16. Won't smoke tomorrow, Saturday.
  17. Didn't smoke. Out of town, busy with family and jet lag. Forgot all about smoking and pledging. Mea culpa.
  18. I will not smoke today. Three weeks quit.
  19. Today was easier keeping the quit and minimizing the power of craving, in part because I held to visual images of diseased, hunched over smokers, and walking on into the sunshine to be in fresh air on a walk with my dog. A surprise visit at my store where I cashier from my former supervisor at the store I worked at previously. I asked her to pass on to a co-worker that I had quit, finally. He had been very supportive and recommended a 12-step approach to quitting. I am feeling more confident.
  20. Quitting smoking isn't forever. It's just this moment, this hour, just today. As long as you stay present-focused, and you're saying, "not today," you'll achieve your goal. For me, when it's night and it's dark, my willpower wanes and I crave more intensely. When I'm asleep, I don't crave, so I go to bed early. As early as 5:30 or 6:00 pm on occasion. When I wake up, I am stronger and still present-focused: "Not this moment, not this hour, not today."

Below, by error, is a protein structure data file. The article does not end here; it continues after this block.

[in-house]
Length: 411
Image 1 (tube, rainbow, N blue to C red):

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QuitTrain®, a quit smoking support community, was created by former smokers who have a deep desire to help people quit smoking and to help keep those quits intact.  This place should be a safe haven to escape the daily grind and focus on protecting our quits.  We don't believe that there is a "one size fits all" approach when it comes to quitting smoking.  Each of us has our own unique set of circumstances which contributes to how we go about quitting and more importantly, how we keep our quits.